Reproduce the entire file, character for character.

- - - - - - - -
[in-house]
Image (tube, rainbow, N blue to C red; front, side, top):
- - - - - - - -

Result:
[in-house]
Image (tube, rainbow, N blue to C red; front, side, top):